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Finistere



Hurrah! I'm off to Finistere, to Finistere, to Finistere;
My satchel's swinging on my back, my staff is in my hand;
I've twenty louis in my purse, I know the sun and sea are there,
And so I'm starting out to-day to tramp the golden land.
I'll go alone and glorying, with on my lips a song of joy;
I'll leave behind the city with its canker and its care;
I'll swing along so sturdily -- oh, won't I be the happy boy!
A-singing on the rocky roads, the roads of Finistere.

Oh, have you been to Finistere, and do you know a whin-gray town
That echoes to the clatter of a thousand wooden shoes?
And have you seen the fisher-girls go gallivantin' up and down,
And watched the tawny boats go out, and heard the roaring crews?
Oh, would you sit with pipe and bowl, and dream upon some sunny quay,
Or would you walk the windy heath and drink the cooler air;
Oh, would you seek a cradled cove and tussle with the topaz sea! --
Pack up your kit to-morrow, lad, and haste to Finistere.

Oh, I will go to Finistere, there's nothing that can hold me back.
I'll laugh with Yves and Le/on, and I'll chaff with Rose and Jeanne;
I'll seek the little, quaint buvette that's kept by Mother Merdrinac,
Who wears a cap of many frills, and swears just like a man.
I'll yarn with hearty, hairy chaps who dance and leap and crack their heels;
Who swallow cupfuls of cognac and never turn a hair;
I'll watch the nut-brown boats come in with mullet, plaice and conger eels,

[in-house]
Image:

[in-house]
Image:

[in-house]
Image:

The jeweled harvest of the sea they reap in Finistere.

Yes, I'll come back from Finistere with memories of shining days,
Of scaly nets and salty men in overalls of brown;
Of ancient women knitting as they watch the tethered cattle graze
By little nestling beaches where the gorse goes blazing down;
Of headlands silvering the sea, of Calvarys against the sky,
Of scorn of angry sunsets, and of Carnac grim and bare;
Oh, won't I have the leaping veins, and tawny cheek and sparkling eye,
When I come back to Montparnasse and dream of Finistere.

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Submitted on May 13, 2011

1:57 min read
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Robert William Service

Robert William Service was a poet and writer sometimes referred to as the Bard of the Yukon He is best-known for his writings on the Canadian North including the poems The Shooting of Dan McGrew The Law of the Yukon and The Cremation of Sam McGee His writing was so expressive that his readers took him for a hard-bitten old Klondike prospector not the later-arriving bank clerk he actually was Robert William Service was born 16 January 1874 in Preston England but also lived in Scotland before emigrating to Canada in 1894 Service went to the Yukon Territory in 1904 as a bank clerk and became famous for his poems about this region which are mostly in his first two books of poetry He wrote quite a bit of prose as well and worked as a reporter for some time but those writings are not nearly as well known as his poems He travelled around the world quite a bit and narrowly escaped from France at the beginning of the Second World War during which time he lived in Hollywood California He died 11 September 1958 in France Incidentally he played himself in a movie called The Spoilers starring John Wayne and Marlene Dietrich more…

All Robert William Service poems | Robert William Service Books

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